Limits...
Deep vision: an in-trawl stereo camera makes a step forward in monitoring the pelagic community.

Underwood MJ, Rosen S, EngΓ₯s A, Eriksen E - PLoS ONE (2014)

Bottom Line: The system showed potential for measuring the length of small organisms and also recorded the vertical and horizontal positions where individuals were imaged.Young-of-the-year fish were difficult to identify when passing the camera at maximum range and to quantify during high densities.This study suggests modifications to the Deep Vision and the trawl to increase our understanding of the population dynamics.

View Article: PubMed Central - PubMed

Affiliation: Institute of Marine Research, Bergen, Norway; Department of Biology, University of Bergen, Bergen, Norway.

ABSTRACT
Ecosystem surveys are carried out annually in the Barents Sea by Russia and Norway to monitor the spatial distribution of ecosystem components and to study population dynamics. One component of the survey is mapping the upper pelagic zone using a trawl towed at several depths. However, the current technique with a single codend does not provide fine-scale spatial data needed to directly study species overlaps. An in-trawl camera system, Deep Vision, was mounted in front of the codend in order to acquire continuous images of all organisms passing. It was possible to identify and quantify of most young-of-the-year fish (e.g. Gadus morhua, Boreogadus saida and Reinhardtius hippoglossoides) and zooplankton, including Ctenophora, which are usually damaged in the codend. The system showed potential for measuring the length of small organisms and also recorded the vertical and horizontal positions where individuals were imaged. Young-of-the-year fish were difficult to identify when passing the camera at maximum range and to quantify during high densities. In addition, a large number of fish with damaged opercula were observed passing the Deep Vision camera during heaving; suggesting individuals had become entangled in meshes farther forward in the trawl. This indicates that unknown numbers of fish are probably lost in forward sections of the trawl and that the heaving procedure may influence the number of fish entering the codend, with implications for abundance indices and understanding population dynamics. This study suggests modifications to the Deep Vision and the trawl to increase our understanding of the population dynamics.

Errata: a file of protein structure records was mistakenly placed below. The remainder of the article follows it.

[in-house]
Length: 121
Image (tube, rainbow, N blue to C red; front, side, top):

Show MeSH

Related in: MedlinePlus

Length comparison of polar cod (Boreogadus saida) measured by two different methods.The dark column bars indicate measurements from the Deep Vision data (nβ€Š=β€Š77, mean β€Š=β€Š34 mm), while the catch data measurements are indicated by white column bars (nβ€Š=β€Š50, mean β€Š=β€Š34 mm).
© Copyright Policy
Related In: Results  -  Collection

License
getmorefigures.php?uid=PMC4230979&req=5

pone-0112304-g007: Length comparison of polar cod (Boreogadus saida) measured by two different methods.The dark column bars indicate measurements from the Deep Vision data (nβ€Š=β€Š77, mean β€Š=β€Š34 mm), while the catch data measurements are indicated by white column bars (nβ€Š=β€Š50, mean β€Š=β€Š34 mm).

Mentions: Fifty polar cod were measured from the catch and 77 out of 115 individuals were measured from the images for length comparisons (the remaining 38 were not imaged in orientations where lengths could be estimated). Average lengths of polar cod were not significantly different in the images and catch data (mean length 34 mm for each method; Fβ€Š=β€Š0.034, pβ€Š=β€Š0.85; Fig. 7). The single Northeast Arctic cod was measured at 53 mm in both the Deep Vision image and the catch data. Only the larger of the two shorthorn sculpin was passed in an orientation where it could be measured. Its length was calculated to be 43 mm in the Deep Vision image compared to 45 mm in the catch data (4.4% difference).